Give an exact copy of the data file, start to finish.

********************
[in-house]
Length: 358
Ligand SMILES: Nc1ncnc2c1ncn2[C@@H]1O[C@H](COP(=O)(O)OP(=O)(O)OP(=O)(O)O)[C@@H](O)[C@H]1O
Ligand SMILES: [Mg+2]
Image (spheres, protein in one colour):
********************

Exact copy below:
[in-house]
Length: 358
Ligand SMILES: Nc1ncnc2c1ncn2[C@@H]1O[C@H](COP(=O)(O)OP(=O)(O)OP(=O)(O)O)[C@@H](O)[C@H]1O
Ligand SMILES: [Mg+2]
Image (spheres, protein in one colour):